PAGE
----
Introduction to cellular respiration, including glycolysis, the Krebs Cycle, and the electron transport chain. Created by Sal Khan.
In this activity, learners conduct an oxidation experiment that turns old pennies bright and shiny. Learners soak 20 dull, dirty pennies in a bowl of salt and vinegar for five minutes. They rinse half the pennies with water, then compare the rinsed pennies to the unrinsed after all pennies sit and dry for about an hour. Learners also observe what happens when they submerge a screw and nail in the liquid compared to a nail only half-way submerged.
Students create silver nanoparticles using a chemical process; however, since these particles are not observable to the naked eye, they use empirical evidence and reasoning to discover them. Students first look for evidence of a chemical reaction by mixing various solutions and observing any reactions that may occur. Students discover that copper and tannic acids from tea reduce silver nitrate, which in turn form silver. They complete the reaction, allow the water to evaporate, and observe the silver nanoparticles they created in plastic dishes using a stereo microscope. Students iterate on their initial process and test to see if they can improve the manufacturing process of silver nanoparticles.
This is a continuation of Freshman Organic Chemistry I (CHEM 125a), the introductory course on current theories of structure and mechanism in organic chemistry for students with excellent preparation in chemistry and physics. This semester treats simple and complex reaction mechanisms, spectroscopy, organic synthesis, and some molecules of nature.
This survey chemistry course is designed to introduce students to the world of chemistry. In this course, we will study chemistry from the ground up, learning the basics of the atom and its behavior. We will apply this knowledge to understand the chemical properties of matter and the changes and reactions that take place in all types of matter. Upon successful completion of this course, students will be able to: Define the general term 'chemistry.' Distinguish between the physical and chemical properties of matter. Distinguish between mixtures and pure substances. Describe the arrangement of the periodic table. Perform mathematical operations involving significant figures. Convert measurements into scientific notation. Explain the law of conservation of mass, the law of definite composition, and the law of multiple proportions. Summarize the essential points of Dalton's atomic theory. Define the term 'atom.' Describe electron configurations. Draw Lewis structures for molecules. Name ionic and covalent compounds using the rules for nomenclature of inorganic compounds. Explain the relationship between enthalpy change and a reaction's tendency to occur. (Chemistry 101; See also: Biology 105. Mechanical Engineering 004)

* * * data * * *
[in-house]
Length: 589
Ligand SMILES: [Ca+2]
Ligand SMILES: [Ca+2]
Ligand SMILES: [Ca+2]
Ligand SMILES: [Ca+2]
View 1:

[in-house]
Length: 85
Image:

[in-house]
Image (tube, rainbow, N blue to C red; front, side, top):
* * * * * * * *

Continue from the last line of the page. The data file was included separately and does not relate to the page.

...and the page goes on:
Through this lab, students are introduced to energy sciences as they explore redox reactions and how hydrogen fuel cells turn the energy released when hydrogen and oxygen are combined into electrical energy that can be read on a standard multimeter. They learn about the energy stored in bonds and how, by controlling the reaction, this energy can be turned into more or less useful forms.
Oxidation and reduction reactions power your phone and make it possible for your body to use the oxygen you inhale. We will learn about oxidation states (numbers), oxidation-reduction (redox) reactions, galvanic/voltaic cells, electrolytic cells, cell potentials, and how electrochemistry is related to thermodynamics and equilibrium.
This resource is a video abstract of a research paper created by Research Square on behalf of its authors. It provides a synopsis that's easy to understand, and can be used to introduce the topics it covers to students, researchers, and the general public. The video's transcript is also provided in full, with a portion provided below for preview:
"Atherosclerosis and vascular injury are leading causes of cardiovascular disease worldwide Low-density lipoprotein (LDL) plays a key role in these diseases by inducing inflammation and oxidative stress Endothelial cells can repair blood vessels damaged by LDL But how endothelial cells mature and take on this task is unclear In a recent study, researchers examined the maturation and antioxidative activity of endothelial cells Molecular biology techniques revealed that the differentiation of endothelial cells was regulated by a microRNA molecule called miR-544 miR-544 inhibited the expression of genes involved in maintaining stem cell pluripotency Promoting endothelial cell maturation and vascular formation Transplanting endothelial cells expressing miR-544 also improved the outcome of oxidative stress injury in mice Although these studies must be further evaluated in humans The results suggest that targeting miR-544 may help with regeneration and repair of blood vessels after vascular injury Impr.."
The rest of the transcript, along with a link to the research itself, is available on the resource itself.